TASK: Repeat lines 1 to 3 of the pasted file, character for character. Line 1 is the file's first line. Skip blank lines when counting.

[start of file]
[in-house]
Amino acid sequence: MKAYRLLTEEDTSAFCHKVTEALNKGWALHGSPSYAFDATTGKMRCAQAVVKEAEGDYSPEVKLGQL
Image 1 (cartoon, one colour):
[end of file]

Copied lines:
[in-house]
Amino acid sequence: MKAYRLLTEEDTSAFCHKVTEALNKGWALHGSPSYAFDATTGKMRCAQAVVKEAEGDYSPEVKLGQL
Image 1 (cartoon, one colour):